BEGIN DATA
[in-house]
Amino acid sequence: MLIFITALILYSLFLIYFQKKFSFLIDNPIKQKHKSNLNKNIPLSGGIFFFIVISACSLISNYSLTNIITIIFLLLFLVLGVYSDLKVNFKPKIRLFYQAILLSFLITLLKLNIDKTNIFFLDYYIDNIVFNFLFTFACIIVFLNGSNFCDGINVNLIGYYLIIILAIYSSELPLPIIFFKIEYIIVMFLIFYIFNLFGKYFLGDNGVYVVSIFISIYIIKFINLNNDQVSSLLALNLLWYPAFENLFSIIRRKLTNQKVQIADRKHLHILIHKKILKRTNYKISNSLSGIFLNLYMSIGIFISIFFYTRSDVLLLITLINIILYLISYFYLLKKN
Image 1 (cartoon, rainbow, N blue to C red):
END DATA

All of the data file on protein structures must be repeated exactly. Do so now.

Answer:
[in-house]
Amino acid sequence: MLIFITALILYSLFLIYFQKKFSFLIDNPIKQKHKSNLNKNIPLSGGIFFFIVISACSLISNYSLTNIITIIFLLLFLVLGVYSDLKVNFKPKIRLFYQAILLSFLITLLKLNIDKTNIFFLDYYIDNIVFNFLFTFACIIVFLNGSNFCDGINVNLIGYYLIIILAIYSSELPLPIIFFKIEYIIVMFLIFYIFNLFGKYFLGDNGVYVVSIFISIYIIKFINLNNDQVSSLLALNLLWYPAFENLFSIIRRKLTNQKVQIADRKHLHILIHKKILKRTNYKISNSLSGIFLNLYMSIGIFISIFFYTRSDVLLLITLINIILYLISYFYLLKKN
Image 1 (cartoon, rainbow, N blue to C red):